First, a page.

Can a better camera help you take better photos? Sure. Many higher-end DSLRs bring bigger sensors, more megapixels, nicer viewfinders, faster autofocus, better continuous shooting speed and 4K video capture to the party, so you’ll naturally be taking crisper more beautiful photos. (Today’s mirrorless cameras also pack similar features as standard DSLRs, in smaller and lighter bodies.) But taking nice photos and actually improving as a photographer are two different things.
I’ve toyed with trying to be a better photographer for a while. In December 2015 I bought my first point-and-shoot digital camera — specifically the well-reviewed (but a few seasons old) Sony RX100 Mark III. It was small and powerful, and I could tinker with its aperture and ISO settings and even delve into the brave world of manual shooting. Sure, I had an iPhone with a pretty decent camera, but it wasn’t at the same level and didn’t have that “feel factor” — it was millimeters thick.
After months of traveling with my Mark III, I wasn’t progressing as a photographer like I wanted. Aperture settings were difficult to understand; I would scroll through numbers like F9.0 to F5.0 to F3.2 without being able to visualize the difference between each. The zoom wasn’t great to begin with. And although the camera was more robust than my smartphone, it still didn’t feel like a photo-capturing weapon. That’s when I turned to an entry-level DSLR — affordable, adaptable, something I could really wield with two hands.
Tested: Nikon D5600
Body Type: compact SLR
Sensor: 24.2 MP DX-format CMOS
Lens Mount: Nikon F
Max Resolution: 6,000 x 4,000
Max Shutter Speed: 1/4,000 sec
Viewfinder: fully articulated LCD
Video: 1080p at 60fps video
Buy Now: $797 (w/ 18–55mm )
I practiced with Nikon’s latest entry-level DSLR, the D5600, for a few weeks. Announced at CES 2017, it’s near identical to its 2016 predecessor, the D5500; it has the same sensor, autofocus, max resolution, shutter speed, ISO range and fully articulated touchscreen viewfinder. The main difference is that the D5600 comes with SnapBridge, Nikon’s Bluetooth image transfer service that allows users to upload photos to their other devices. If you’re anxious to upload photos to VSCO, Instagram or Facebook as soon as you take them, this is your type of upgrade.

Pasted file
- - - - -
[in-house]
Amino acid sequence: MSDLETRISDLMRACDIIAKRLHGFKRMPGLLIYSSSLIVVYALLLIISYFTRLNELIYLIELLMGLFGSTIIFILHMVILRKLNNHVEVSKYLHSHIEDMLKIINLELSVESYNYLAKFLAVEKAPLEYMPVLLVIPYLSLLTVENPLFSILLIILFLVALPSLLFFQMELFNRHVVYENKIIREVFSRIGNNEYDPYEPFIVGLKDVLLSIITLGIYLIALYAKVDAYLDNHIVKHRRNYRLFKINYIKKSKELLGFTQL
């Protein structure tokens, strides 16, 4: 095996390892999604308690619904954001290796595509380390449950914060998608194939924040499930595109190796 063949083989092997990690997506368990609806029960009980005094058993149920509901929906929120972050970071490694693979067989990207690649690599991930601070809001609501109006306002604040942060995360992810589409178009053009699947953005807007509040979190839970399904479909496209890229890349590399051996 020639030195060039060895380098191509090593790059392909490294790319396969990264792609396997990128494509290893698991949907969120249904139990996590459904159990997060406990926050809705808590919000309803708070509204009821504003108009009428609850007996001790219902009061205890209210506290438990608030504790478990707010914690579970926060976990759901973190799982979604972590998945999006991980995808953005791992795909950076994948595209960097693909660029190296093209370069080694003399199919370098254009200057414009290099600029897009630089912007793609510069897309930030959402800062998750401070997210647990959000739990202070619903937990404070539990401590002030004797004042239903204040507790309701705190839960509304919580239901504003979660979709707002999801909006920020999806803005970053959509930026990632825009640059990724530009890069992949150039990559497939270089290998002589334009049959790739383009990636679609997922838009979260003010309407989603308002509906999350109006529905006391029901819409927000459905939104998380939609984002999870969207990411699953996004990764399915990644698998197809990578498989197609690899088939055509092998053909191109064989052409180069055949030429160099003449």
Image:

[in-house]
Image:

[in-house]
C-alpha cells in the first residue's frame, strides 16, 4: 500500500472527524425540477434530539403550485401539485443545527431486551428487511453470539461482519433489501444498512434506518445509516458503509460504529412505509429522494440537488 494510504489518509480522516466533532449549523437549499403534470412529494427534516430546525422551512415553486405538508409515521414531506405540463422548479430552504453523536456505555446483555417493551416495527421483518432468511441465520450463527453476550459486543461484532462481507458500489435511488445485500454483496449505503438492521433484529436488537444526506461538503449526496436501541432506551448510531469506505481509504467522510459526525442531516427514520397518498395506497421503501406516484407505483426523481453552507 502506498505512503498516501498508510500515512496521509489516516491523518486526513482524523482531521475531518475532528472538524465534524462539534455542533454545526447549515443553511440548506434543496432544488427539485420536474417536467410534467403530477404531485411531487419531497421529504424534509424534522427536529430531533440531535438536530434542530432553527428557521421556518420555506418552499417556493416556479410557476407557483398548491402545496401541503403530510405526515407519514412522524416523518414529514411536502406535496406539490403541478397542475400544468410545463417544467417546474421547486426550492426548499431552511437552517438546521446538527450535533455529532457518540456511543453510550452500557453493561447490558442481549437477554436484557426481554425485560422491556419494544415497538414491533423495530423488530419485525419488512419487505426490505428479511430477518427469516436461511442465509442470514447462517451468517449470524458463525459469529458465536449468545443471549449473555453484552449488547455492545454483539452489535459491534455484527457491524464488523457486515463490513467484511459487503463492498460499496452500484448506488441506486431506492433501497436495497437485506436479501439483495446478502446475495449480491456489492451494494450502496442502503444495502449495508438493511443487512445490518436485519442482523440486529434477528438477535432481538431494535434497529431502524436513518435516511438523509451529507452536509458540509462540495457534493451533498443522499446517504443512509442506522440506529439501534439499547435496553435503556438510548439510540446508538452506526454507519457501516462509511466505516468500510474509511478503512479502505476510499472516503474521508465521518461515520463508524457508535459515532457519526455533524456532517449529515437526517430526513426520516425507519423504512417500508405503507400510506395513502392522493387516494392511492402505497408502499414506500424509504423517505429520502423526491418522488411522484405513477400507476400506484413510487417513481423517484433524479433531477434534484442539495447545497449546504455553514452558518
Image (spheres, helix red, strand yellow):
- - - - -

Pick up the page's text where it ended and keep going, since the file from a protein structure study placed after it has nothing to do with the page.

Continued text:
The analog tools on the D5600 were a big step up from my Sony point-and-shoot. The 18–55mm lens I used was far larger and easier to use than the Mark III’s optical zoom; feeling the lens grow or retract gives you a much greater sense of control than just twisting a small dial and looking through a viewfinder. The sensor was superior, so my low-light photos looked nicer. The aperture boasts a wider range of settings and sends information to the viewfinder in a way that makes on-the-fly adjustments intuitive and quick. That said, like my Mark III, the camera wouldn’t give me direction and help my improve my overall photography skills.
I went to Henry Phillips, GP’s photography manager, who taught me the shoot-from-the-hip strategy: shoot in manual mode, try to learn while you go, then test out how good the auto mode is. I photographed products in my apartment like my Google wi-fi hubs, and at showrooms, like the LG G6 launch event. I took the camera hiking with my dog, Roxanne, and out to Carton Brewery to sample some of New Jersey’s best beers.
Not every photo was perfect, and plenty had to be scrapped. They were out of focus, the lighting on some was terrible, and others were just completely black. For instance, I wanted to take a photo of Roxanne sleeping in the afternoon. I wanted the shadows to be completely black and Roxanne’s sun-laden features to be illuminated — but this was a challenge, and I thoroughly confused myself meddling with the aperture, ISO and shutter speed. Ultimately I called 911 (Mr. Phillips), who instructed me to stop switching the ISO, as that’s mainly used to get in the right light-sensitivity range to creatively play with shutter speed and aperture. (Auto ISO seemed the right move anyway.) Afterward, I continued to mess around with shutter speed and aperture. Then, in an effort to self-educate, I compared the info for two photos with similar subjects. Progress was slow, and my confidence was far from high.
Did the D5600 make me a better photographer? Probably not. True, I took photos that I wouldn’t be able to take with my point-and-shoot, and definitely not my iPhone, but that’s to be expected with a more pro-level camera system. The biggest difference, for me, was the more serious feel of the camera and the ease with which I could adjust the settings. (The touchscreen was surprisingly nice, too.) It actually inspired me to take more photos while walking through the city to work or just going out to dinner — even though it couldn’t fit in my jacket. That’s something my Mark III hasn’t done in a while.